You can see its effect only on real devices. You must test it with real devices having different screen size.

responsive-sm for devices smaller than landscape.
responsive-md for devices smaller portrait tablet.
responsive-lg for devices smaller than landscape tablet.

UI
Using this simple ionic grid system we can make our applications User Interface to suit our applications needs.

Further ..
For further configuration, each class uses a Sass variable that can be changed to your liking. There’s also a responsive-grid-break mixin you can use to create your own grid classes.

Positioning The Title: IONIC APPS

Some components like titles, tabs behave according to the platform they are built for. For example, on iOS the default display of view title is at the center and to the left in android devices.


ionic-title-positioning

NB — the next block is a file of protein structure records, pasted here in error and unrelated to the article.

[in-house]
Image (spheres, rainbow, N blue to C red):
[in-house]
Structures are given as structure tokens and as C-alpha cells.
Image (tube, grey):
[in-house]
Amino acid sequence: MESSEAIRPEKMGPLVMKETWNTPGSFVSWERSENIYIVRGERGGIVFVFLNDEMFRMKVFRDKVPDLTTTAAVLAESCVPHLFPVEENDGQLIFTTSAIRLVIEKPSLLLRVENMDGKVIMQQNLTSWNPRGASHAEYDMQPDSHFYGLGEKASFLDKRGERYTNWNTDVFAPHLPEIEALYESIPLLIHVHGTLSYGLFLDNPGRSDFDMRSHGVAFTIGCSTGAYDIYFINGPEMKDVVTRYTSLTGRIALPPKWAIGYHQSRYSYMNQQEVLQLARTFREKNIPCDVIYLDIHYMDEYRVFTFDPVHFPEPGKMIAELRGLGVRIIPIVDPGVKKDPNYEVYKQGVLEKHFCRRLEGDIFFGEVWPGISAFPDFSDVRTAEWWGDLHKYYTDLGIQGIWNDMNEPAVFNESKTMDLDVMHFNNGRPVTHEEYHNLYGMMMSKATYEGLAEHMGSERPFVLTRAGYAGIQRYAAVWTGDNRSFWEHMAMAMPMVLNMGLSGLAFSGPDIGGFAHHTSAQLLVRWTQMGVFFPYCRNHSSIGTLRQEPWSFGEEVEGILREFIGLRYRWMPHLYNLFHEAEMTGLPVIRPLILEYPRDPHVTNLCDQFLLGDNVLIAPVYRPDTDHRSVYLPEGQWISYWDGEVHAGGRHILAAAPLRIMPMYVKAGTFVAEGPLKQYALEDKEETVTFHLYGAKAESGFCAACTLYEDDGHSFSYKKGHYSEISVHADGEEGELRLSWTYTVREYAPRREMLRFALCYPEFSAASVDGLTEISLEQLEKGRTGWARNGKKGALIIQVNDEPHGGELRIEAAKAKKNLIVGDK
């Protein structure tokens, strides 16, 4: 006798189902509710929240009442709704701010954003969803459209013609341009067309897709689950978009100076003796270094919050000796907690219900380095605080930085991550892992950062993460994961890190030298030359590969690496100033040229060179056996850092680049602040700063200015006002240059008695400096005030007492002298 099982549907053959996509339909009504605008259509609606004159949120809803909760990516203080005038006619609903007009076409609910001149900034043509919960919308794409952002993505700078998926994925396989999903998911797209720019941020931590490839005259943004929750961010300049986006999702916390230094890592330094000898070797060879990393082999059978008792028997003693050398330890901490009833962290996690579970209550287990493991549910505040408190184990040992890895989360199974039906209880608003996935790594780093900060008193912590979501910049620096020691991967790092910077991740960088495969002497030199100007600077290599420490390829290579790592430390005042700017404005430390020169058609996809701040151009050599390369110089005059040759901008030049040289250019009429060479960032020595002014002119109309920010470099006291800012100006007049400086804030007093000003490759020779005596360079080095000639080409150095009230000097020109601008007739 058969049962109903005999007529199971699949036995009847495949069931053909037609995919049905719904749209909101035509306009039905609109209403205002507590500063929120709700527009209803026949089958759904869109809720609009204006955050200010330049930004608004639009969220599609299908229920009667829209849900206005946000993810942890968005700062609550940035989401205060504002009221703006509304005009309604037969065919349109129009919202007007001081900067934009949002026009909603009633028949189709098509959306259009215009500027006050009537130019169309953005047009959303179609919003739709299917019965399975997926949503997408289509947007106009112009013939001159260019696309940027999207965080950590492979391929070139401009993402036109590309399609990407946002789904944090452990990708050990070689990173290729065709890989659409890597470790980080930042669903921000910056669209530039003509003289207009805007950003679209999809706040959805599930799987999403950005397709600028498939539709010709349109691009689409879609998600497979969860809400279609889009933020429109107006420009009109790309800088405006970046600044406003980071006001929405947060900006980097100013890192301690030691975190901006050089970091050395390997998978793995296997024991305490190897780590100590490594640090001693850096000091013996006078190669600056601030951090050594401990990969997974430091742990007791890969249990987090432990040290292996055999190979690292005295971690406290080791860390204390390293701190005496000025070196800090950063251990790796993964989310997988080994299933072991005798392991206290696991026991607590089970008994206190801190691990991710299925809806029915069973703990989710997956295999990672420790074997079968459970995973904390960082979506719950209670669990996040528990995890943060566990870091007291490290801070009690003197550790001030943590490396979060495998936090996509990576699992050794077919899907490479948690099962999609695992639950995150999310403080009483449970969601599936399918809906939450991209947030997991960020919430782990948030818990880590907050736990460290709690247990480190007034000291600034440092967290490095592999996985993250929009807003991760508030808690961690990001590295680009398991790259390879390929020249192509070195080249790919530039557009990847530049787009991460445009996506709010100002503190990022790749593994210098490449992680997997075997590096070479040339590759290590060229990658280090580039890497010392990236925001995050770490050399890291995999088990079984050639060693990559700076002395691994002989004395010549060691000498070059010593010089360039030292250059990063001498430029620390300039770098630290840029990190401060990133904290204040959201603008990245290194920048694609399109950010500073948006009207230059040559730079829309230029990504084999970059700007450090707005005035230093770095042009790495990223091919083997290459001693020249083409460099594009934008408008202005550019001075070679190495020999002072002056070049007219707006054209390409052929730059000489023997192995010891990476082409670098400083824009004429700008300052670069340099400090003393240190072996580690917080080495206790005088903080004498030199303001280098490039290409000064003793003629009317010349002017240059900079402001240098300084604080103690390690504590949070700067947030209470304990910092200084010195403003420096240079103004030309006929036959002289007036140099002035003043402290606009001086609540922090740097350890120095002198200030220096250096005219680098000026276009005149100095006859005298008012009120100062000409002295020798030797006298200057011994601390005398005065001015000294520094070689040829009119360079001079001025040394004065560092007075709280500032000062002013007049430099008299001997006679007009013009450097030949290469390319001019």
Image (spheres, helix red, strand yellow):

This might look like a minor thing at the beginning of app development, but when we want to place some icons in the header(maybe for branding purpose) we might like to place the view title to right or to the center.

To have consistent looks across platforms we can ‘hard set’ the view title location by setting the navBar.alignTitle function of $ionicConfigProvider.

$ionicConfigProvider.navBar.alignTitle() takes 3 values
1. left
2. right
3. center


You need to a flashplayer enabled browser to view this YouTube video

YouTube Link: http://www.youtube.com/watch?v=Owc6x79OTK8 [Watch the Video In Full Screen.]



Quick fix to change position of each view:

< ion-view>
< ion-nav-title>
<center>Technotip</center>
< /ion-nav-title>
< ion-content>
< /ion-content>
< /ion-view>

As shown above, you could make use of our good old HTML friend center tag to align the nav title to center! or take some time to play with CSS to achieve the same.

Positioning The Tabs: IONIC APPS

Some components like tabs, titles behave according to the platform they are built for. For example, on iOS the default display of tabs is at the bottom and at top in android devices.


ionic-tabs-position

This might look like a minor thing at the beginning of app development, but when we want to place an ad or social sharing icons at the bottom, we might like to place the tabs at the top or visa-versa!